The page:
This is the seat, a comfortable old swivel chair, that my client this morning will sit in as he continues on his journey of healing. It isn’t easy to begin and to stay on the path that leads through darkness holding the ghosts of one’s past, and the disturbing dreams that arise from the junction of past and present. As many of you already know, my practice is informed by a blend of models such as Gestalt, Brief Therapy, Cognitive Therapy, Solution-Focused Therapy and a few others. Serving as a foundation to these modes is Jungian Psychology, also known as depth psychology.
So what does that mean, depth psychology? Well I guess it simply means that whatever it is that brings a person into a therapist’s office, the problem is rarely something that is strictly on the surface. Wounds happen to the self in the outer world. If the wounds can’t be healed with bandages, casts or surgery, there is likely something within the body and/or mind that asks the healer to go deeper. A physical disease such as diabetes or cancer makes this demand on the physician. Wounds to the psyche are much the same. The difference is that most of the work of healing must be performed by the person who is wounded. The therapist is a guide through that work. Of course, a guide is only as good as the guide’s personal experience and training. Imagine trying to be a guide for a tourist group travelling through China when the guide has never left North America and simply bases the plan on information gathered from books. It’s not exactly reassuring to those being guided.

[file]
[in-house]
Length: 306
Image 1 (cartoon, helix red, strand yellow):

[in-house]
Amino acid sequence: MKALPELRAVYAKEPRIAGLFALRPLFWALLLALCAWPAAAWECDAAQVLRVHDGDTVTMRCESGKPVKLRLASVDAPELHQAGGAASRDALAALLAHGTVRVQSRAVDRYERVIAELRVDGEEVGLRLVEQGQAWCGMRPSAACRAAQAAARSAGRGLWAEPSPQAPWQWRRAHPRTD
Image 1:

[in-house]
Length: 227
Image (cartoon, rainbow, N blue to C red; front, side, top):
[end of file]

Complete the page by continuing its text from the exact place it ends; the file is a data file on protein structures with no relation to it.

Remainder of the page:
It is no accident that one can’t be an effective guide without having experienced being led through the swamplands of the dark inner spaces. Typically, therapists in depth psychology sit in the chair for a minimum of 100 hours with countless hundreds of hours doing “homework” involving work that is basically stripping down to the bare self, exposing the stuff hidden and denied. Think of it as nudity of the psyche that leads to a positive inner self-image.